If you have never heard of the “flywheel model” in marketing, let’s start by saying this: it represents an antithesis to the sales funnel.
Unlike the funnel, the flywheel model puts customers at the center, making them happy and which, in turn, provides the company with recommendations and increased sales.
At the same time, we will try to explain why, due to the marketing flywheel model, it is worth leaving the old sales funnel and how to use it to create a positive user experience as your business grows, at the same time, and brings in more revenue.
Let’s just first explain what the sales funnel is so that you can have the full picture of the flywheel model…
You started building a house without a project, you wasted time because the workers collided on the construction site, you lost money because the ceramicist did his share before the plumber, so now you have to break the tiles to install the pipes… The same thing happens when you start a marketing campaign without a sales funnel.
What is that famous sales funnel? It is a campaign plan.
The sales funnel is a plan, construction of your campaign that consists of several parts. It is easiest to explain it with a practical example of selling a product.
Once you understand the essence of the funnel, it will be clear to you why and how much money you spend, which parts of the campaign bring you profit, and which parts only spend without effect.
You posted ads on Google, Facebook, paid for banners on two websites, and you also have an influencer who advertises for you, and you came to the conclusion that your sales are like this: Of the 1,000 people who saw the ad, 20 of them bought the product—that is 2% of the people.
To clarify, a thousand people saw the ad – everything is clear there. How many people clicked on it depends on the quality of the ad and the target audience to which you show it.
You have 200 people or 20 % of those who clicked and opened the ad. They read the content or offer and entered your site or closed it down and moved on.
There were 100 visits to your site (10%) from the total number of people who saw the ad.
With more advanced settings, you can also measure how long they stayed on the site – if they spent less than 30 seconds, it is likely that your site is inaccessible, unclear, or if they opened via mobile, it is not adapted for mobile.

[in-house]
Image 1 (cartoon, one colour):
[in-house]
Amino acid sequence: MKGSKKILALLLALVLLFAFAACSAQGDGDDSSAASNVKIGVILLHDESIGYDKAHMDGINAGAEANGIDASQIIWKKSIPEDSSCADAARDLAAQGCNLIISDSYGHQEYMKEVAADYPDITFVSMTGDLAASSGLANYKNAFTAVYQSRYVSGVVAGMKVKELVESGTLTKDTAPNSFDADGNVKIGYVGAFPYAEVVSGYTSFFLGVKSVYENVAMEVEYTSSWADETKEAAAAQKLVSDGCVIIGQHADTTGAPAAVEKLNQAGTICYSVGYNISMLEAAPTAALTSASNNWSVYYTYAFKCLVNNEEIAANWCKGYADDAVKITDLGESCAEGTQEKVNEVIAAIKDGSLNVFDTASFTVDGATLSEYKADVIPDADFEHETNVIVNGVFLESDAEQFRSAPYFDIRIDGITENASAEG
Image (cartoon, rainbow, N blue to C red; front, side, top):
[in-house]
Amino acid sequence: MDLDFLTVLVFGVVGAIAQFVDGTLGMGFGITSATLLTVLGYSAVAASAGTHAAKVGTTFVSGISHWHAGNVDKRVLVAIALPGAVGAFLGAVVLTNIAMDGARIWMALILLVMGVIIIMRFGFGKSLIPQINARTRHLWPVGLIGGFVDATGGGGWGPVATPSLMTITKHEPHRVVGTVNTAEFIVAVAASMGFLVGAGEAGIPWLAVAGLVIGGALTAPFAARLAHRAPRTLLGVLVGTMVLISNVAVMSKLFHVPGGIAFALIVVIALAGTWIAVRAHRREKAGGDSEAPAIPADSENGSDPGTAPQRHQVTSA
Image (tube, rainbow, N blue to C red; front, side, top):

If you lose a lot of people in this part of the funnel, you will know that there is a problem with the site.
We come to the part where someone puts the product in the cart. It is not clear to you how 10 out of 30 people (3 %) changed their minds.
Well, you at least once bought online yourself, so you know that sometimes you click on the cart just to see the postage, options, total amount, etc., and give up.
At the end of the funnel, we have 20 people left, i.e. 2 % – they are real customers. They, as marketers would say, ‘converted’.
This is called the conversion rate, and it represents the ratio between the number of people who saw the ad and those who bought the product. In this case, 1,000 / 20 = 2 %.
It depends on how much you earn. Earnings on a specific product are $ 100. The cost per click is $ 2 (whenever someone clicks on an ad whether to buy or not), you have 200 clicks times $ 2 – that is $ 400. That is how much a campaign costs you.
You sold 20 pieces of product at the end of the campaign, times $ 100, that is a total of $ 2,000. When you subtract $ 400 from that number, you come to a figure of $ 1,600. Those are your earnings.
If your earnings per product are $ 100 and the cost per click is also $ 2, you will get $ 2,000 minus $ 400 for the 20 products sold out of 1,000 ad impressions. This is much clearer, right?
You have sold, for example, 35 pieces of a given product. You need to see how your campaign went and how successful the advertising channels were. For example:
What we mentioned in the second item, and it is very important to explain, is remarketing.
These are people who visited your site, saw what it was about, but did not make a purchase. You collected them via Facebook Pixel and now, your ads are ‘chasing’ them.
You will have a good conversion rate there.
Remarketing is always a good channel as people who have almost reached the end of the buying process are a ‘turned on’ audience and convert much more easily.
If you are a marketing professional, you probably know every detail of the marketing and sales funnel. But in case you aren’t, we explained it in detail in previous paragraphs.
Funnels are nothing but mechanisms for turning potential customers into real ones. And that is that. That is the essence.
What happens next is often not something that gets a lot of attention. At this exact moment, the flywheel model takes charge.
One of the biggest and most important benefits of using a flywheel model is that it helps focus on improving focusing on customer ‘journey’ even after they have completed a purchase.
The point is – nurture them from the first moment they become customers until the stage when they become experts in the subject (gain expertise for your product and/or service) and brand advocates.
There is one universal image of a flywheel model that illustrates in the best way what we are talking about.
We will describe it: the customer is in the center or heart of the wheel and each of the areas of focus around the center represents the way they are encouraged to become ‘champions’ in the business, which is the ultimate goal of the flywheel model.